What I Learned Today – Stachys – another kind of corn

Lamb's Ear - Stachys byzantina June 16 2018

A good friend and wonderful gardener told me last weekend that she cuts off the flower stalks from Lamb’s Ears – Stachys byzantina!  I was a bit aghast, but she said she found the flowers a distraction when the main attraction was the soft fuzzy leaves that form a woolly groundcover. 

Turns out she’s not not alone – the description of this plant provided by the Missouri Botanical Garden says a lot of people cut off the flower stalks!  This practice is common amongst Hosta growers, I know, and I’ve never understood it there either.  (Once, I was at a lecture given by a magazine garden writer and she said Hosta flowers are insignificant and should be cut off to let people focus their attention on the foliage. She was a bit upset when I disagreed with her…but that’s another story!)

Hmmmm.  I love Hosta foliage, but I also love their flowers – they can be white, lavender, dark purple, sometimes sweetly scented, appearing at various times depending on cultivar.  The only downside to Hosta flowers is the need to cut the stalks back after flowering, and Hosta can produce a lot of flower stalks!  But the same could be said about a lot of other perennials as well.

As with Hosta, the proponents of cutting back Lamb’s Ear flower stalks contend that by doing so, more energy will flow to the foliage and the ‘creeping stems that root as they go along the ground,’ spreading the plant and making it a true ground cover.  They also say because the flowers are so ‘insignificant’ they are of little aesthetic use so just get rid of them!

Again, hmmmmmm.  As the photo above shows, the flowers, while small, are really interesting.  I love the silky threads that grow all over the flower stalk and complement the fuzzy leaves that make it such a pleasing plant to touch and stroke.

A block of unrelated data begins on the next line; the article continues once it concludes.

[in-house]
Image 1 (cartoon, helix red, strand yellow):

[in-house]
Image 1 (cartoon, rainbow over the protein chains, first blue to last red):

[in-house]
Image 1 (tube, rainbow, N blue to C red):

When happily situated (ie full sun, very good drainage such as on a slope, no excessive watering), Lamb’s Ear will spread a lot; if you let the flowers go to seed they will also spread great distances but the roots are fairly shallow and easy enough to pull if they wind up in an unwanted area.

What I learned today?  Two things, really.

The first is how it got its name:  the botanical name – genus Stachys – comes from the Greek for Ear of Corn – quite appropriate! Byzantina refers to its native range – the Caucasus mountain area of Turkey and Iran.

The second thing I learned, again, from the Missourie Botanical site,  is how to pronounce Stachys:  it’s like saying ‘stake-ees,’ not ‘stack-iss,’ as I’ve been saying for years!

Lamb's Ear & Burning Bush
This Lamb’s Ear appeared with no help from me — the only other place in the yard I have it growing is about 300 feet away.  It’s helping create a micro garden with this Burning Bush, spring bulbs and, on the other side of the bush, a bunch or parsley I planted to both eat and provide habitat for Swallowtail butterflies.
Lamb's Ears
Why would you want to cut down these Lamb’s Ear flower stalks when the colour and texture complement so nicely the Allium ‘Purple Sensation?’


  1. I don’t follow the practice myself as the bees love the flowers. I cut them back afterwards before they set seed. Same with hosta. Some of the bigger hostas have pogoda-like seed heads that last all winter and are quite attractive left in the garden or cut for dried arrangements.


  2. I still pronounce the letter ‘c’ as ‘s’ in many names just because I think it sounds right; such as Acer and Ceanothus. I do not want to pronounce it as ‘k’, even though I know it correct in Latin. I pronounce Stachys as ‘stasheez’. tee hee. It sounds like a sneeze.
    Although I do not cut flowers from stachys, I used to cut flowers from coleus when I grew it as a houseplant. However, once it was set on blooming, it just made more as fast as I could cut them off.


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